Wideout movement reshaped the NFC's top teams. The Rams tapped Allen Robinson as Odell Beckham Jr.'s immediate replacement. Russell Gage and Julio Jones signed with the Bucs to spread the field for Brady. The Adams trade harms Rodgers' MVP candidacy; Amari Cooper leaving Dallas could either hurt Prescott or uplift CeeDee Lamb.

The Jacksonville Jaguars handed out rich contracts to Christian Kirk and Zay Jones. They join an attack that was 30th in passing DVOA last season, per Football Outsiders, supplying hope that Trevor Lawrence will ascend to a level worthy of the No. 1 overall pick.

Bengals' revamped offensive line

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Cincinnati almost raised the Lombardi Trophy in February despite fielding one of the NFL's weakest protection units. No QB absorbed more sacks (51) than Burrow last season. The Rams racked up seven sacks in their Super Bowl triumph, letting Stafford outgun Burrow and engineer a late comeback.

The Bengals were a rare conference champion whose O-line stunk, but they seemed to fix that flaw when free agency opened. Contrast their Super Bowl quintet with the unit that's expected to start Sunday against the Pittsburgh Steelers:

Karras and Cappa are Super Bowl winners; Collins is an elite run-blocker who also pass protects well. Keeping Burrow upright on more dropbacks would benefit Cincinnati's 1,000-yard playmakers - Ja'Marr Chase, Tee Higgins, and Joe Mixon - and give the Bengals the chance to lead the NFL in scoring (they were seventh in 2021).

AFC North opponents could squash that goal. Cincinnati shares a division with Pittsburgh's T.J. Watt (22.5 sacks) and the Cleveland Browns' Myles Garrett (16.0), who were first and third in sacks in 2021. (Somehow, the Bengals managed to keep Watt off Burrow the one time they met last season.)

Meanwhile, Baltimore's secondary - fortified by the Marcus Williams signing and Marcus Peters' recovery from a torn ACL - opens the year ranked as the best in the league by PFF. Any offensive upgrade in this division is significant.

L.A.'s pass rushers

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Von Miller left for Buffalo, but Aaron Donald is back to lead the championship defense. The Rams were No. 1 in the NFL in pass-rush win rate at 53% last season, and Donald's 26% win rate paced all defensive tackles, per ESPN Analytics. So did his 12.5 sacks.

Donald's stamina is peerless, too: He's played more snaps than any interior defensive lineman since his rookie year, 2014, PFF points out.

Elsewhere, the AFC West boasts great passers and defensive nuisances who can counter them. They range from Chris Jones, the All-Pro Chiefs tackle, to Chandler Jones, Maxx Crosby's new Raiders linemate.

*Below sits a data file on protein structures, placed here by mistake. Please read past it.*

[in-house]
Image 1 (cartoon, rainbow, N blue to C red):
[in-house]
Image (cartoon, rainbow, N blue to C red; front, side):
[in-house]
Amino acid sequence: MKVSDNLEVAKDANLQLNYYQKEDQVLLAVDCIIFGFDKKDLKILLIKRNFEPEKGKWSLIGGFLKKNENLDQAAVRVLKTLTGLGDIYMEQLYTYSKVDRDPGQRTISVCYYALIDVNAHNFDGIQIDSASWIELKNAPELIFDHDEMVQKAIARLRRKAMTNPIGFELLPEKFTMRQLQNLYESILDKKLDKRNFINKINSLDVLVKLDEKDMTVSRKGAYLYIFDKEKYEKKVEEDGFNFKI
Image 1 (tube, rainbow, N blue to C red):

Beyond adding J.C. Jackson to the secondary, the Chargers dealt for Khalil Mack to deploy him and Joey Bosa on opposite edges. Brandon Staley's team ranked 29th in points allowed last season and 30th in DVOA against the rush, according to Football Outsiders, but was closer to average in sacks and QB hurries. That could become a source of strength in the NFL's toughest division.

Buffalo's secondary

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The Bills topped the Week 1 edition of theScore's power rankings. Whether they justify that billing depends on the defensive backfield's health and resilience.

Anchored by Micah Hyde and Jordan Poyer, who combined for 10 interceptions to earn All-Pro nods at safety, Buffalo led the NFL last season in defensive DVOA and DVOA against the pass.

While Poyer's back from the elbow hyperextension that sidelined him all preseason, Tre'Davious White continues to rehab the ACL tear he suffered last Thanksgiving. White's presence on the physically unable to perform list thrusts first-round cornerback Kaiir Elam into the early-season spotlight.

No team allowed fewer points (17 per game) than the Bills in 2021, but Kansas City torched them for 42 points in that playoff epic. Mahomes passed for 188 yards and two touchdowns on the Chiefs' frantic last few scoring drives, asserting his greatness under extraordinary pressure as he exposed costly lapses in coverage.

His club hosts Buffalo again in Week 6, by which point White will be eligible to take the field.

Nick Faris is a features writer at theScore.

6 groups of players set to define the NFL season